18. May 3, 2017

### JohnnyGui

I'm stumped. If you add energy to any material, and you'd want to calculate the mean end temperature, ignoring heat loss for the moment, how would you calculate that?

Likewise if you give power to any material. I understand you can use the Stefan-Boltzmann law to calculate the temperature but who said that the given power to that material is automatically the same power that the material emits in radiation?

So if one asks; an object with surface A and a certain weight is given energy of 100W, calculate its radiative power. I'd first have to calculate the temperature of the object after giving 100W using its specific heat capacity, put that to the 4th power and multiply it by the surface A (and emissivity) to get its radiative power (neglecting heat loss for the moment)..

Last edited: May 3, 2017
19. May 3, 2017

### sophiecentaur

In an equilibrium condition, what else can happen to added energy than being lost to the surroundings as heat?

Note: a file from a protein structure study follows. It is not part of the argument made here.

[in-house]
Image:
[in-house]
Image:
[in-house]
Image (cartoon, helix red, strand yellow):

If you are using AC power, there is a continually changing power input so the temperature will constantly be fluctuating - chasing equilibrium. In that case, the rate of change of temperature will depend on thermal capacity. Small filaments flicker more. But that is all another level of complication. Sort out the DC situation first.

20. May 3, 2017

### Staff: Mentor

We can assume the heat capacity of a filament is very small. Small enough so that it heats up to equilibrium very quickly and we don't need to worry about it for this question.

Under that assumption, the power dissipation by the filament is done mostly through radiation. So 100 W in, 100 W out as radiation. Another assumption, but getting into the different modes of heat loss for a light bulb is unnecessary.